The art of decision-making

Black and white thinking is rarely a practicable approach for research – even if it probably can be enticing. Making decisions about things that are happening in the here and now are far easier than casting your eyes forward to the autumn and attempting to predict how things will have developed by then. Synchrony – or being able to envisage several parallel tracks in your head can be crucial in uncertain times.

That as a researcher to dare to do something on the one hand while on the other hand patience and sometimes even courage are called for.  Making decisions about an unclear future, where not all facts are on the table, is a challenge. I have sometimes wondered about what the various options are.

  • One way is known as wrong decision fast where it can feel more important to make a decision no matter how wise the decision can seem on further contemplation. 
  • Another is to lie doggo and make a decision by not making a decision and waiting for things to pass – or as you may perhaps see it – seeing things out.
  • A third is to the one that concerns synchrony, where timing is an important component in decision-making.

At KTH we plan to open as usual this autumn, that is to say study period 1 autumn term 2020. However, making decisions in this situation is not easy and there is a big need for synchrony.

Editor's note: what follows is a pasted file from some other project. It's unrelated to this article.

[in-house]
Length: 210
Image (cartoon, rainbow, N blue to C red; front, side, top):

Added to which, KTH is an international university that has been impacted by the global situation in the wake of the pandemic. Will exchange studies be possible even if we do open as normal? It is extremely likely that the after effects of the strategies pursued by different countries during the pandemic will affect KTH. We will also be in a situation where the infection will remain for a long time, which means the new normal will not be the old normal.

An interesting opinion piece published in a leading Swedish daily the other day by the Swedish National Council on Medical Ethics, presented eight values and principles for decision-making within an ethical framework ( ). Several of these principles can also provide decision-making guidance in general, not least in the situation we are in now.

I hope the recommendations that are due to be presented by the Swedish Public Health Agency in late May or early June, are clear and relevant for universities and colleges.